Heaving Chests

No, I’m not envisioning the two buxom brunettes who once ably ran the Cat Head Inn; short of breath from hoisting yet another fresh keg of Burrow Hill cider up onto the bar. For the sake of propriety, not on this occasion at least.

Actually, we’re moving house. The heavyset hirsute blokes who effortlessly heave chests of drawers around are scheduled to arrive here with a small fleet of pantechnicons in just under a month.

Over the past number of years I have filled our Melbourne home with furniture I’ve made to the point we can barely move: Climbing into bed does actually involve climbing and excursions to the lavatory need to be strategised well in advance.

So we’re off to more commodious habitation in the gently undulating foothills of the Australian Alps to traipse barefoot through the lush green grass, cuddle koalas and spar with kangaroos! Actually there’s been a decade-long drought in the region, the koalas have Chlamydia and we’re more likely to encounter a kangaroo in the local shop. But it’s the country and that means lots and lots of space!

The simple task of sharpening a chisel in my current ten-foot-by-ten-foot workshop involves a tiresome Game of Fifteen, but not for much longer! I will soon be occupying a large shed with more than enough room to swing a cat in – which reminds me, I must get a good mouse-savvy moggy for the place. Do pet shops even exist in these times of heightened animal welfare awareness? Perhaps I should do the politically correct thing and recycle a used cat from the local animal shelter (which is also where I’m getting the goat from).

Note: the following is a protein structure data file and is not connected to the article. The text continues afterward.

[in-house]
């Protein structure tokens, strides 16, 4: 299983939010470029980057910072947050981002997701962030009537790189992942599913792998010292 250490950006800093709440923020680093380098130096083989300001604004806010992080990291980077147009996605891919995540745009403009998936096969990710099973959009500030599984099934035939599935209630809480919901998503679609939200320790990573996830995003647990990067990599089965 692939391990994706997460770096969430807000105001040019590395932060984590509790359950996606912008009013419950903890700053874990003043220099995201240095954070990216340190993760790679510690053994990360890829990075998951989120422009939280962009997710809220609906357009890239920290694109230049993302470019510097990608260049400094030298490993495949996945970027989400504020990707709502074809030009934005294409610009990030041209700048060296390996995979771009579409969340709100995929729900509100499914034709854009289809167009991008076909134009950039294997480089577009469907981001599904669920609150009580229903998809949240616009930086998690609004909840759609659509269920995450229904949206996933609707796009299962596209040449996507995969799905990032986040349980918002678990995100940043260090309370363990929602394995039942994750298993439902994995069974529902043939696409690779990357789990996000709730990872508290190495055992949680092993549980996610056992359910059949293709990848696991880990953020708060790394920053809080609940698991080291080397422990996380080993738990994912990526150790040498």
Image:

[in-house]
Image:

NW_view_of Australian_Alps_01a

My sister, who lives in Greater London, was looking at some photos of our purlieu and remarked “Don’t see any neighbours”! Whilst my sister may suffer from autophobia, I am not in the least bit daunted by remoteness, and happen to thrive on solitude. However, should I ever feel the need of companionship or require urgent assistance, I am told there’s an affable neighbour about a mile to the south who will respond to three gunshots fired in quick succession… that’s assuming I don’t actually hit him.

NE_view_of Australian_Alps_02a

As a result of the forthcoming upheaval, I will be absent from this confluence for a period whilst I establish ‘phone – and more importantly – internet connectivity at the new domicile. It looks like we will have to settle for basic wireless broadband: When I went to the local telco to enquire about hooking us up with an optical fibre connection or at the very least, fixed wireless, the staff fell silent, swapped glances with each other and proceeded to fall about laughing.